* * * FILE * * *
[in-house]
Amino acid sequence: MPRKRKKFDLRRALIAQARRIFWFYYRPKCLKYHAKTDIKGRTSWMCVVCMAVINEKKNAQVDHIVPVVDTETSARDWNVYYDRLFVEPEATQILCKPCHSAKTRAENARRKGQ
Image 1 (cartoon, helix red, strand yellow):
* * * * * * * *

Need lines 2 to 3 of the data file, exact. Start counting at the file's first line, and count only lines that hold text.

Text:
Amino acid sequence: MPRKRKKFDLRRALIAQARRIFWFYYRPKCLKYHAKTDIKGRTSWMCVVCMAVINEKKNAQVDHIVPVVDTETSARDWNVYYDRLFVEPEATQILCKPCHSAKTRAENARRKGQ
Image 1 (cartoon, helix red, strand yellow):